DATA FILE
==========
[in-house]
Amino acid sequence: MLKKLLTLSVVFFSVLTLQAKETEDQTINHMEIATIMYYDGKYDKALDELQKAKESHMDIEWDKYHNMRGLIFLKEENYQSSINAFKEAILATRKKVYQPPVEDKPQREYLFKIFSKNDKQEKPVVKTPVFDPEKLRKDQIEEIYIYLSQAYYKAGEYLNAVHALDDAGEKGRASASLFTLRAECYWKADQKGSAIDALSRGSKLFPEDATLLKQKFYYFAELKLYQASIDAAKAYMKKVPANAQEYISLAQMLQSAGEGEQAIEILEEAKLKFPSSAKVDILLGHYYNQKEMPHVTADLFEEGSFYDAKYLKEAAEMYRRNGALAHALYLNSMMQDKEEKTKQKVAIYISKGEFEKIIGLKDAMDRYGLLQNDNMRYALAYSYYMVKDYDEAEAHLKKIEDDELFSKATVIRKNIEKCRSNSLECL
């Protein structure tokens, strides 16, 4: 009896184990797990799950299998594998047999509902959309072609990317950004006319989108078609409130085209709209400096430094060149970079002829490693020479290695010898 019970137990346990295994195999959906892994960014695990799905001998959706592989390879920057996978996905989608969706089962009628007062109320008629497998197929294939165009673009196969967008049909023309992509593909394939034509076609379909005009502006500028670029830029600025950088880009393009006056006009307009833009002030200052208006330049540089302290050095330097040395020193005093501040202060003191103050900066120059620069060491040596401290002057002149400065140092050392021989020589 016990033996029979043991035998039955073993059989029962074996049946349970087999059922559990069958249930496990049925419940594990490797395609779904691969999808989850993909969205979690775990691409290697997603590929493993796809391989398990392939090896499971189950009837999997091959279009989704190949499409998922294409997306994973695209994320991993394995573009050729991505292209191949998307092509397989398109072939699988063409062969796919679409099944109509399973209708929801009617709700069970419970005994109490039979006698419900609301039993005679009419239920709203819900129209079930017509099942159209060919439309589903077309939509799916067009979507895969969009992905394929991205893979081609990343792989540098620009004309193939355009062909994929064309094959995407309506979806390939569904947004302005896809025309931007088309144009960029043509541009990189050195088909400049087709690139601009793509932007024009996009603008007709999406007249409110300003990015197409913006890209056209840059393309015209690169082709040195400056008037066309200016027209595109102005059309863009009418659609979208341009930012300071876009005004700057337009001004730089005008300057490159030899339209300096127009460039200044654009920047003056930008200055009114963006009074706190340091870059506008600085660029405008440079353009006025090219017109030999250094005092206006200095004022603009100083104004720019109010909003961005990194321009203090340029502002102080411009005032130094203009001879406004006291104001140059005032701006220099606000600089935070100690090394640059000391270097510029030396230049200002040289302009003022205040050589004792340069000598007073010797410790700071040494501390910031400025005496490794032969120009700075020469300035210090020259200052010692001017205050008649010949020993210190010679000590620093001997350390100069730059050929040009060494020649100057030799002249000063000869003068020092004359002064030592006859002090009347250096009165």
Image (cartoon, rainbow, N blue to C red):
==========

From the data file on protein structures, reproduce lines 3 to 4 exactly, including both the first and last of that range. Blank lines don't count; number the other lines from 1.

């Protein structure tokens, strides 16, 4: 009896184990797990799950299998594998047999509902959309072609990317950004006319989108078609409130085209709209400096430094060149970079002829490693020479290695010898 019970137990346990295994195999959906892994960014695990799905001998959706592989390879920057996978996905989608969706089962009628007062109320008629497998197929294939165009673009196969967008049909023309992509593909394939034509076609379909005009502006500028670029830029600025950088880009393009006056006009307009833009002030200052208006330049540089302290050095330097040395020193005093501040202060003191103050900066120059620069060491040596401290002057002149400065140092050392021989020589 016990033996029979043991035998039955073993059989029962074996049946349970087999059922559990069958249930496990049925419940594990490797395609779904691969999808989850993909969205979690775990691409290697997603590929493993796809391989398990392939090896499971189950009837999997091959279009989704190949499409998922294409997306994973695209994320991993394995573009050729991505292209191949998307092509397989398109072939699988063409062969796919679409099944109509399973209708929801009617709700069970419970005994109490039979006698419900609301039993005679009419239920709203819900129209079930017509099942159209060919439309589903077309939509799916067009979507895969969009992905394929991205893979081609990343792989540098620009004309193939355009062909994929064309094959995407309506979806390939569904947004302005896809025309931007088309144009960029043509541009990189050195088909400049087709690139601009793509932007024009996009603008007709999406007249409110300003990015197409913006890209056209840059393309015209690169082709040195400056008037066309200016027209595109102005059309863009009418659609979208341009930012300071876009005004700057337009001004730089005008300057490159030899339209300096127009460039200044654009920047003056930008200055009114963006009074706190340091870059506008600085660029405008440079353009006025090219017109030999250094005092206006200095004022603009100083104004720019109010909003961005990194321009203090340029502002102080411009005032130094203009001879406004006291104001140059005032701006220099606000600089935070100690090394640059000391270097510029030396230049200002040289302009003022205040050589004792340069000598007073010797410790700071040494501390910031400025005496490794032969120009700075020469300035210090020259200052010692001017205050008649010949020993210190010679000590620093001997350390100069730059050929040009060494020649100057030799002249000063000869003068020092004359002064030592006859002090009347250096009165």
Image (cartoon, rainbow, N blue to C red):